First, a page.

I struggled with the same issue this summer. For the past four years, my work schedule of 50% has made it possible for me to walk my kids to and from school every day. This year I increased to work 80% which means I can take the kids to school but I couldn’t guarantee that I could drive to their school on time (considering weather, traffic, things coming up at work) every day before they got out. I figured that if my first and third grader walked home together, it would buy me 20 minutes and I could guarantee that I would be home for them. We live 1.7 km away from the school. Bus services starts at 1.6 km but because our street is at the end of the neighbourhood, we would be the only street in the school community that would require a bus so it was decided that my children on my street would walk, despite being `in the bus service radius’. I’m glad that we are not being bussed to school. There are no buses at my kids’ school because everyone (except us) live in that 1.6 km radius so a walking community is encouraged, plus more after school teams and clubs. I checked with CAS to see if legally my children could walk home together, a route they have done every day for the past four years, a route where many other parents and children will be joining them. I was told that I couldn’t because my children are of an age that requires responsible supervision at all times. I was pretty steamed about the responsible supervision at all times because technically that means my kids can’t play outside without me being outside with them. Instead, what we’ve done is found a nice boy in grade eight who is willing to walk the kids home. I pay him generously for his time and he’s willing to stay on to babysit for extra time if I have a meeting or an appointment. Some days (like when the weather is bad), I’ll pick up all three kids, which I think the teen appreciates. It’s a great experience for the teen and my kids to walk home together but I wish that my kids could have just walked home themselves. Next year the teen will be in high school so I’ll have to figure something out but I’m hoping that my new fourth and second graders will be okay walking home together after spending a year learning the route and gaining independence under the eye of a great teen.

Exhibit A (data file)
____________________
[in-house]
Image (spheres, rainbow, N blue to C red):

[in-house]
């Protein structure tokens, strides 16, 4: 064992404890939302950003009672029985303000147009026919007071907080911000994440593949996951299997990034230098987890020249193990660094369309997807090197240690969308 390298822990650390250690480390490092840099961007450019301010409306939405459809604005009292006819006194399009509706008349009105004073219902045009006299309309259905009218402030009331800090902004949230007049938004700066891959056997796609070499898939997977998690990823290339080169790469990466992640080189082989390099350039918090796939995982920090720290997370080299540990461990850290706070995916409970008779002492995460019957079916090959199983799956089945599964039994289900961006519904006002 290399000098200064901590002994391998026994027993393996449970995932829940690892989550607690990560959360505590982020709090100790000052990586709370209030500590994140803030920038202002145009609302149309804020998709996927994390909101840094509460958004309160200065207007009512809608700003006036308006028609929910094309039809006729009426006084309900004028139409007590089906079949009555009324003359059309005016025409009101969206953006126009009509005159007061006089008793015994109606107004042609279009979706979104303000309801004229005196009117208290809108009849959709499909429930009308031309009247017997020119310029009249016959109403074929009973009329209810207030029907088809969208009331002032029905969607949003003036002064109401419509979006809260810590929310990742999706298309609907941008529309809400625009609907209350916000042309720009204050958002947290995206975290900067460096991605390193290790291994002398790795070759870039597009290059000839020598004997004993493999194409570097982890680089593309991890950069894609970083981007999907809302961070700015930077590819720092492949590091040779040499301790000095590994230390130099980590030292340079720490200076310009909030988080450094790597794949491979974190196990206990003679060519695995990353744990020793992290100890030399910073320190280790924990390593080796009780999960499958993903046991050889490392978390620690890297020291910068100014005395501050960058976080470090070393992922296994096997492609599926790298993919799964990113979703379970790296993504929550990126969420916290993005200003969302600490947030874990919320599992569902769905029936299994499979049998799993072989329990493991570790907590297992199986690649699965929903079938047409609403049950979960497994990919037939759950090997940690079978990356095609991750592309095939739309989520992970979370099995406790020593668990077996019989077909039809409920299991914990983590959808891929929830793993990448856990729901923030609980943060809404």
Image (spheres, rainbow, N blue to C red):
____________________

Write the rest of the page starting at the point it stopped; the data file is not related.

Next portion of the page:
I walked to Kindergarten by myself — taking a shortcut through two neighbors’ backyards and crossing one street — and no one thought anything of it. In first grade, I walked to school, then home for lunch, then back to school and home again in the afternoon. Obviously it was a short walk, but I was certainly not in sight of an adult the entire time. Of course, this was 40-cough years ago. But I don’t think five-year-olds have changed so much that it’s inherently unsafe for a Kindergartener to walk to school with a parent watching her the entire trip.